Asante (2012) has reported that despite the PSI projects carrying the President’s special seal of approval, they collapsed soon after introduction for a number of reasons. First, planning of the PSIs was not done in continued consultation with local entrepreneurs and the industry. The government’s strategy had been to select a few winning sectors of the economy and direct support to them. The choice of which sectors or sub-sectors to invest in, and what policies to adopt were decided by the President’s Special Advisors and other party functionaries. Stakeholders were consulted only after the final drafts of the project details had been put together, for example as in the case (p.267) of the Oil Palm PSI (Asante 2012). This led to disagreements between the industry participants and government on details of the implementation. For example, the Corporate Village Enterprise (COVE) model to expand and finance the industry was a major object of disagreement (Asante 2012). Nonetheless, this model was still included in the final project design, despite negative reactions from some industry participants. Second, these initiatives were based mostly in southern Ghana and would therefore not be expected to benefit the poor citizens of the country. Third, there was also a shortfall with respect to technical, financial, and material support for the initiatives, which led to their eventual collapse. This included requisite human capital and managerial competencies. Finally, it is also argued that political imperatives had a role to play in the eventual failure of the PSIs through the lack of consensus among a number of political elites on the objectives, management, and procedural legitimacy of the initiatives (Asante 2012).

Other areas of interest in the NPP administration followed a number of studies commissioned by public organizations including Bank of Ghana and the Ministry of Trade and Industry (MOTI). They often indicated that access to credit facilities was of prime concern to the private sector. This therefore culminated in the setting up of a number of financial interventions to increase credit access to private businesses. Indeed, with the setting up of a Venture Capital Fund and the Business Assistance Fund, domestic credit to the private sector increased from 12.56 per cent to 15.89 per cent between 1999 and 2008. The Microfinance and Small Loans Centre (MASLOC) was also established in 2006 to implement the Government of Ghana’s microfinance programmes targeted at reducing poverty, creating jobs and wealth. Among its functions included the disbursement of micro and small loans to low-capital entrepreneurs and the provision of business advisory services, training, and capacity building for SMEs. These were aimed at providing the required skills and knowledge for the efficient management of entrepreneurs’ respective businesses. Some recent research indicates that the programme has produced some positive outcomes among loan beneficiaries such as expansion of business activities, increases in profit margins, and general increases in livelihoods (Quansah, Amankwah, and Aikins 2012). Despite its positive outcomes, a major challenge of the programme was the high loan default rates. Currently, MASLOC has a default rate of over 90 per cent, a situation which undermines the very purpose of the credit and loans scheme. A number of other financial support schemes were provided to businesses, for example, the Export Development and Investment Fund (EDIF) was established in 2001 to provide funds for the development and promotion of business activity and export in the country. There does not appear to have been significant effects on exports, however, as the exports to GDP ratio increased from about 32 per cent in 1999 to an all-time high of 48 per cent in 2000, but fell to 25.05 per cent by 2008. (p.268) Corporate tax cuts were also extended to businesses in the NPP era and the general costs of doing business in the country were reduced. For example, the costs of business start-up procedure as a percentage of gross national income (GNI) per capita reduced significantly from about 80.5 per cent in 2003 to about 30.6 per cent by 2008 (see Aryeetey and Owoo 2015: figure 9).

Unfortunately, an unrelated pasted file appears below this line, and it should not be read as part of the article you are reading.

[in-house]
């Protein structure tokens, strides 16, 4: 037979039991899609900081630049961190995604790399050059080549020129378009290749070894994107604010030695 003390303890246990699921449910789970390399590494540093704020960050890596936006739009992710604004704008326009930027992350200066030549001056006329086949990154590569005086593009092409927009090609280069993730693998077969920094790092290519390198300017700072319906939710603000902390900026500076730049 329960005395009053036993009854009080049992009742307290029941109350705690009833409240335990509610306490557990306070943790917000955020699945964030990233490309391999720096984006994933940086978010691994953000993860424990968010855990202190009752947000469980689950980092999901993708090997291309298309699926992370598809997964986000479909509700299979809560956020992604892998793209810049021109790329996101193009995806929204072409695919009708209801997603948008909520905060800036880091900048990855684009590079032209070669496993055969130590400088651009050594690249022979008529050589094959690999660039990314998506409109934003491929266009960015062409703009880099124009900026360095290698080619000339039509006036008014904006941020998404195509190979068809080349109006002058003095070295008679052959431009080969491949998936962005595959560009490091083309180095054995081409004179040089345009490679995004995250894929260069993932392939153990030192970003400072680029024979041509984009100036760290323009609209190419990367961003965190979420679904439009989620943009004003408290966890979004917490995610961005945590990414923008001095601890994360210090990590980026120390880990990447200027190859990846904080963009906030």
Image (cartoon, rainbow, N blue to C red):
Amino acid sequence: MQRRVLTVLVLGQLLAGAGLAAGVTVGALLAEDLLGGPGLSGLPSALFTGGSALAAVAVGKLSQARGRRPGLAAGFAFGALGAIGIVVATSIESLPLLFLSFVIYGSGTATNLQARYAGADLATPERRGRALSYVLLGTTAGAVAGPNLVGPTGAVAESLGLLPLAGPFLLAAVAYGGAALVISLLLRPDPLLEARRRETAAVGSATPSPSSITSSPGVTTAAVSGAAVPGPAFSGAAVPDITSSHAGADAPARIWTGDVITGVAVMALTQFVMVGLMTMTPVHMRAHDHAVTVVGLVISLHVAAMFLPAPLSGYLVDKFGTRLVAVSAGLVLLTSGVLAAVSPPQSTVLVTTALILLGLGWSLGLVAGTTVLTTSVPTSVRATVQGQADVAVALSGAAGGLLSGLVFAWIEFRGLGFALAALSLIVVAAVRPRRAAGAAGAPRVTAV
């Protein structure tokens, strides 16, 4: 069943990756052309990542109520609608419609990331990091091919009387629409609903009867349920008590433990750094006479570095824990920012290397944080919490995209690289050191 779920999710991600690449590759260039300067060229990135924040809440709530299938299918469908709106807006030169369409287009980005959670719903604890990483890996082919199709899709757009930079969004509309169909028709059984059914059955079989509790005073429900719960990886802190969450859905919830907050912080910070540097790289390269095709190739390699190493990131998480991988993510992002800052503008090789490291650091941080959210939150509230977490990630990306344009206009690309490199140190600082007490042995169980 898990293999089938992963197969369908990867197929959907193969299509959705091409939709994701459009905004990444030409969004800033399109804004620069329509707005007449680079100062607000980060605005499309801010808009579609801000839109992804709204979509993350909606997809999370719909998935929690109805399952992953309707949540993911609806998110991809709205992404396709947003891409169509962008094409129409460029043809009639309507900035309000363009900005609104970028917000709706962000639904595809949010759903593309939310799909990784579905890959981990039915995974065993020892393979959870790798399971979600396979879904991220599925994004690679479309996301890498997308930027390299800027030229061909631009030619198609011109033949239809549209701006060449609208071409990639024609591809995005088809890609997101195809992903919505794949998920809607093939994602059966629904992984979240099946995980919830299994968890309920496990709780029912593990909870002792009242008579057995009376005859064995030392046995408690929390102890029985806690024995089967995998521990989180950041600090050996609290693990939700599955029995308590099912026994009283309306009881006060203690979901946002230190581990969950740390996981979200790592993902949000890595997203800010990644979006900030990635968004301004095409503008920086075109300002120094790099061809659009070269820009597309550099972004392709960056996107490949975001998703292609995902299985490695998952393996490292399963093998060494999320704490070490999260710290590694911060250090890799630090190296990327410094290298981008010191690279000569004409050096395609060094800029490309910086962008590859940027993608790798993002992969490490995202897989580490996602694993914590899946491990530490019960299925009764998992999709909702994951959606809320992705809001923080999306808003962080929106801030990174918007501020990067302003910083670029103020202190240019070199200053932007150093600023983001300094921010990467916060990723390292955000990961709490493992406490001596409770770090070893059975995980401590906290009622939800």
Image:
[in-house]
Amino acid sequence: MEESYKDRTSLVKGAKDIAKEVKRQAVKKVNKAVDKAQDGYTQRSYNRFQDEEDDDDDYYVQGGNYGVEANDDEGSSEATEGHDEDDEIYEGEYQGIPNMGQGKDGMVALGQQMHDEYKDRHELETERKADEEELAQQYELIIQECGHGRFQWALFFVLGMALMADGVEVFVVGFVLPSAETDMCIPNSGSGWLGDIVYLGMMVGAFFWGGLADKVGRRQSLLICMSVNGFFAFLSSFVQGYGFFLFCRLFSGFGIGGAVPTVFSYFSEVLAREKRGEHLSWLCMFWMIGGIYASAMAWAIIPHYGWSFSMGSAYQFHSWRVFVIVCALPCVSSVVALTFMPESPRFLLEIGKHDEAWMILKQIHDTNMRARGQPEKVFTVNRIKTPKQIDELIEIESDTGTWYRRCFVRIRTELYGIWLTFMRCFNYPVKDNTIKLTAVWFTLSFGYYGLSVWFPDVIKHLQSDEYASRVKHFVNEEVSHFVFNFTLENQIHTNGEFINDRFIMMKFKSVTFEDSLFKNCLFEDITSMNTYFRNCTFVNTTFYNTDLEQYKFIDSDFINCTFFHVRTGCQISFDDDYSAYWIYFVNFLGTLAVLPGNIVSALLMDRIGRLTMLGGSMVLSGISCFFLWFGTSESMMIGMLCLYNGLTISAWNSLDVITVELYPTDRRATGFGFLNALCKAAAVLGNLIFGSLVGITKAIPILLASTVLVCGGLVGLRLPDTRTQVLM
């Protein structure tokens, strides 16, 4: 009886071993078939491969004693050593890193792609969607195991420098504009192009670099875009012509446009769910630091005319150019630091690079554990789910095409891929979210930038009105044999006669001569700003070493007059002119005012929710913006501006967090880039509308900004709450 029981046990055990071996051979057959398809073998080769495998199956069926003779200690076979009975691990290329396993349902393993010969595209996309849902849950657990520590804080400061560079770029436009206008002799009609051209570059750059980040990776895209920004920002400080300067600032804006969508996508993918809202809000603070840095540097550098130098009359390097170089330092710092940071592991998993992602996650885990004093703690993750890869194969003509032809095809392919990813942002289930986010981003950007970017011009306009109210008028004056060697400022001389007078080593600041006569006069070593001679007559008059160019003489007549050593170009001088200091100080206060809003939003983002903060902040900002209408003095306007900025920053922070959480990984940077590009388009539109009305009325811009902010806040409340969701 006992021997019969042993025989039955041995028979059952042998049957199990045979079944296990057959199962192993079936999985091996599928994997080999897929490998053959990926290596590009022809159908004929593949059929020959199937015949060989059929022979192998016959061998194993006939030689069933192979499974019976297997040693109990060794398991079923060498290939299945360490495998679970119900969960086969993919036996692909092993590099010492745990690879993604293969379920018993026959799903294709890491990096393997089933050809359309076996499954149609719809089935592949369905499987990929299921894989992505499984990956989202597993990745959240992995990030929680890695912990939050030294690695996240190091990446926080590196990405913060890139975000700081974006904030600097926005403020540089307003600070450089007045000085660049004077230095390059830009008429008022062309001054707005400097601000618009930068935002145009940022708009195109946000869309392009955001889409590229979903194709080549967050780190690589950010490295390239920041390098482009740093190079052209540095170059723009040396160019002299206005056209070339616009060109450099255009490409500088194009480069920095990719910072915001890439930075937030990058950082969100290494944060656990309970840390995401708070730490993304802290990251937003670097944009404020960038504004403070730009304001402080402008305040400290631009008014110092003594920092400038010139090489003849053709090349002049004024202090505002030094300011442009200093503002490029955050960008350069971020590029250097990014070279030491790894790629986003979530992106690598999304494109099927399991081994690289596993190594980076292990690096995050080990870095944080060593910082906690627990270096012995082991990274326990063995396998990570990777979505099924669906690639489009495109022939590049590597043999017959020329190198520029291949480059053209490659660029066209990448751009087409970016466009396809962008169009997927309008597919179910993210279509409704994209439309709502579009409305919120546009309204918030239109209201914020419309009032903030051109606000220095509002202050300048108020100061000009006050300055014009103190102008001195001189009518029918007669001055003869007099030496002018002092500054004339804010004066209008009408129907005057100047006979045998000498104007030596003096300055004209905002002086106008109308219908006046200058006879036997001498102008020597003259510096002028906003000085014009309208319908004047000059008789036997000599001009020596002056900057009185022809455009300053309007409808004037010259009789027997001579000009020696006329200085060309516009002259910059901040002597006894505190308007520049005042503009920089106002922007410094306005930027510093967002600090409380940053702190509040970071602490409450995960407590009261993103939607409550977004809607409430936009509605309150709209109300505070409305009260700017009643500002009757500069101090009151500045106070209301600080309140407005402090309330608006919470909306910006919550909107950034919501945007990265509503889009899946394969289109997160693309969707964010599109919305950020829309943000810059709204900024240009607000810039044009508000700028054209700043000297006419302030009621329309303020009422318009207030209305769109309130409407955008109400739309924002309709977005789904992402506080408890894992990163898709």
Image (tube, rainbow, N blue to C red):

Increased dialogue with the private sector was encouraged and the government organized regular highly visible bi-annual meetings with business leaders such as the PEF, where opinions and feedback from the business community were solicited. The Ghana Investors Advisory Council (GIAC)4 was also founded by former President J. A. Kufuor in 2002 with encouragement from the IMF and World Bank. This was a public–private collaboration mechanism aimed at creating a platform for dialogue between the government and the business sector, where governments could have access to the opinions of matured business people. Additionally, such a forum would help to identify certain challenges faced by the business community and propose useful solutions for resolving these difficulties. Although the President of Ghana acted as the Chair of this council, the lack of commitment on the part of the members of this council dwindled and the Council collapsed. It may be surmised that the NPP era was one of the periods where considerable open attention was paid to the private sector and the state made attempts, not only to include them in the development process, but outlined the development strategy of the country with private businesses and entrepreneurs as the main engine of growth for the country.